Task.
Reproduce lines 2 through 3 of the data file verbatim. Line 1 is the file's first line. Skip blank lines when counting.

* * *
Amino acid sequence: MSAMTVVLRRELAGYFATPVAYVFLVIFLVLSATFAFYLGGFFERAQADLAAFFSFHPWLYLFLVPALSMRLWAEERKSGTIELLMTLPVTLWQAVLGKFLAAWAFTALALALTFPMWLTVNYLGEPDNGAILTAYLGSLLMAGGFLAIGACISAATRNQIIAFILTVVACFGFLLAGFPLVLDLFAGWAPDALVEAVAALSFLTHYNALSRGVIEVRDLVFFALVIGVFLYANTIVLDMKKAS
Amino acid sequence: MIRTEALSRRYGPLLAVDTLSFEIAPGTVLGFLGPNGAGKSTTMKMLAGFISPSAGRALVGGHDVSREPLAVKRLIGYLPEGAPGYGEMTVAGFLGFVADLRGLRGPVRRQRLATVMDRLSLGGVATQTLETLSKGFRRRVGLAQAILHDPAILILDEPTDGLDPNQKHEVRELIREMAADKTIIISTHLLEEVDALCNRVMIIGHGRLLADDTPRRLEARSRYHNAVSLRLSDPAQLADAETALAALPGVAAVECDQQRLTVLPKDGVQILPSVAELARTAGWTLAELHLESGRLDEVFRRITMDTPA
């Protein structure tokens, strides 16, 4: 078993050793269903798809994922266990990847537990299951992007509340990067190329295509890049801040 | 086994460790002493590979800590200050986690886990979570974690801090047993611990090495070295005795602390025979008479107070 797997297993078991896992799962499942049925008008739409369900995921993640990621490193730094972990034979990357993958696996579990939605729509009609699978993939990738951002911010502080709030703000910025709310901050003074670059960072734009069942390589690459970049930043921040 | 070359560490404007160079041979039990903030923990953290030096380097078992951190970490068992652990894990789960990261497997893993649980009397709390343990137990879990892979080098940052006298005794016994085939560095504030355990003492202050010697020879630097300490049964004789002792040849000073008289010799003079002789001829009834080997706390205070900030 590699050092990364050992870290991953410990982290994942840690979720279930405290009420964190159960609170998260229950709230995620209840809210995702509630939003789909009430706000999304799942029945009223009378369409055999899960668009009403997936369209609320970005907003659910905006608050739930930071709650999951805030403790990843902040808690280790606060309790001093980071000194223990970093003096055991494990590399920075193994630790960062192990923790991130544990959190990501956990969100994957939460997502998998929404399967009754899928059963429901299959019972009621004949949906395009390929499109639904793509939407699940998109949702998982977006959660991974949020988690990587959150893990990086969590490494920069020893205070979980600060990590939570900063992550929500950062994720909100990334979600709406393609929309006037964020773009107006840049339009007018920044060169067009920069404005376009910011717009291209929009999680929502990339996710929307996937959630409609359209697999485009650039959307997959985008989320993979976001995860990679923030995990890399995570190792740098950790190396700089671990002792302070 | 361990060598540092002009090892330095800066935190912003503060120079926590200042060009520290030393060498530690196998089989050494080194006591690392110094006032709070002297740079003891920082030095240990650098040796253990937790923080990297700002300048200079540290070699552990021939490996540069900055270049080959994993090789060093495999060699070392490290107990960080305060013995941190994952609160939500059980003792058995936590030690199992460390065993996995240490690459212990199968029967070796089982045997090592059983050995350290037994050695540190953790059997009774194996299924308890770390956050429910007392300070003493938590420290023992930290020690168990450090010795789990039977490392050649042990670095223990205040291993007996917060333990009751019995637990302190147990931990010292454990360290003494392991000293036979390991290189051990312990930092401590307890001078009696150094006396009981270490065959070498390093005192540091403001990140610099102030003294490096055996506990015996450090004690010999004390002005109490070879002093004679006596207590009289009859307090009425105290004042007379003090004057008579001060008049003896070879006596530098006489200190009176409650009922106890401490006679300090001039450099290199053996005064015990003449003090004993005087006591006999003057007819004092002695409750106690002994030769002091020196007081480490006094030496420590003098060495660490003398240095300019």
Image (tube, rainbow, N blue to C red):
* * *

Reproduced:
Amino acid sequence: MIRTEALSRRYGPLLAVDTLSFEIAPGTVLGFLGPNGAGKSTTMKMLAGFISPSAGRALVGGHDVSREPLAVKRLIGYLPEGAPGYGEMTVAGFLGFVADLRGLRGPVRRQRLATVMDRLSLGGVATQTLETLSKGFRRRVGLAQAILHDPAILILDEPTDGLDPNQKHEVRELIREMAADKTIIISTHLLEEVDALCNRVMIIGHGRLLADDTPRRLEARSRYHNAVSLRLSDPAQLADAETALAALPGVAAVECDQQRLTVLPKDGVQILPSVAELARTAGWTLAELHLESGRLDEVFRRITMDTPA
């Protein structure tokens, strides 16, 4: 078993050793269903798809994922266990990847537990299951992007509340990067190329295509890049801040 | 086994460790002493590979800590200050986690886990979570974690801090047993611990090495070295005795602390025979008479107070 797997297993078991896992799962499942049925008008739409369900995921993640990621490193730094972990034979990357993958696996579990939605729509009609699978993939990738951002911010502080709030703000910025709310901050003074670059960072734009069942390589690459970049930043921040 | 070359560490404007160079041979039990903030923990953290030096380097078992951190970490068992652990894990789960990261497997893993649980009397709390343990137990879990892979080098940052006298005794016994085939560095504030355990003492202050010697020879630097300490049964004789002792040849000073008289010799003079002789001829009834080997706390205070900030 590699050092990364050992870290991953410990982290994942840690979720279930405290009420964190159960609170998260229950709230995620209840809210995702509630939003789909009430706000999304799942029945009223009378369409055999899960668009009403997936369209609320970005907003659910905006608050739930930071709650999951805030403790990843902040808690280790606060309790001093980071000194223990970093003096055991494990590399920075193994630790960062192990923790991130544990959190990501956990969100994957939460997502998998929404399967009754899928059963429901299959019972009621004949949906395009390929499109639904793509939407699940998109949702998982977006959660991974949020988690990587959150893990990086969590490494920069020893205070979980600060990590939570900063992550929500950062994720909100990334979600709406393609929309006037964020773009107006840049339009007018920044060169067009920069404005376009910011717009291209929009999680929502990339996710929307996937959630409609359209697999485009650039959307997959985008989320993979976001995860990679923030995990890399995570190792740098950790190396700089671990002792302070 | 361990060598540092002009090892330095800066935190912003503060120079926590200042060009520290030393060498530690196998089989050494080194006591690392110094006032709070002297740079003891920082030095240990650098040796253990937790923080990297700002300048200079540290070699552990021939490996540069900055270049080959994993090789060093495999060699070392490290107990960080305060013995941190994952609160939500059980003792058995936590030690199992460390065993996995240490690459212990199968029967070796089982045997090592059983050995350290037994050695540190953790059997009774194996299924308890770390956050429910007392300070003493938590420290023992930290020690168990450090010795789990039977490392050649042990670095223990205040291993007996917060333990009751019995637990302190147990931990010292454990360290003494392991000293036979390991290189051990312990930092401590307890001078009696150094006396009981270490065959070498390093005192540091403001990140610099102030003294490096055996506990015996450090004690010999004390002005109490070879002093004679006596207590009289009859307090009425105290004042007379003090004057008579001060008049003896070879006596530098006489200190009176409650009922106890401490006679300090001039450099290199053996005064015990003449003090004993005087006591006999003057007819004092002695409750106690002994030769002091020196007081480490006094030496420590003098060495660490003398240095300019």